What are the best parts of your job?

The fact that the role is really diverse and dynamic. It’s a job where when you start your day you’re never quite sure how it will unfold. That’s something I really enjoy. I also love the range of people I get to work with. Our climbers come from such diverse backgrounds and each person has different motivations for being there, it’s always interesting to spend time with them. And our local staff are such a lot of fun, I really enjoy working alongside our Sherpa team.

What are the hard bits and how do you cope?

Sleepless nights. Our Climbing Sherpa are on the mountain most nights of the season, which means they depart camp between 2 and 3am. One ear is always on the radio. Being “Ama” there is always some concern for everyone on the mountain. It’s a great relief at the end of the season to have everyone down safe and to be able to turn off the radio. I try to make my sleeping tent a bit homelier, nice yak wool blankets and some fairy lights add a nice touch.

Tell us about how it works having two cultures, East and West, working together to bring successful results?

I find is such a privilege to work with our local Sherpa staff; it’s definitely one of the joys of the job. They have been so open in sharing their culture and traditions with us, it’s a unique insight. They are incredibly hardworking and do everything that can to make the expedition a success. But at the same time, they are also quick to laugh and love a good practical joke. Occasionally things get lost in translation, and some of them can be a bit shy. I get so much support from them in trying to solve the array of problems that come across my “desk”. It’s great at the end season when everyone is off the mountain and we can have a good party together. They are fantastic dancers.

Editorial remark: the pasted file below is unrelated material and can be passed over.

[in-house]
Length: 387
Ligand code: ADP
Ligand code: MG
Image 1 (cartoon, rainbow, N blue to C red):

Anthea Fisher at work in Antarctica
AC Base Camp Manager Anthea Fisher and General Manager Caroline Ogle on the trek into Everest Base Camp

What do you miss most about home life when you're at Base Camp? 

Not too much really. Being in the Khumbu Valley has started to feel a bit like home. I do miss grass and trees.

Living on the side of a mountain glacier can have it's moments. What stands out to you?

Living on the side of that mountain is amazing! It is such an extraordinarily spectacular landscape, tucked in between those mountains. Sure, living on a piece of moving ice covered in rubble at 5300m is not always the most pleasant place in the world (it can be kinda cold, and there’s not that much oxygen), but one only needs to lift their head to those mountains. It’s breath-taking. The nights are the most stunning, particularly when there’s a full moon illuminating the mountains, a sky full of stars, and being able to see the torches of the climbers making their way up the lower part of the mountain. Yeah, it can be a bit cold too…!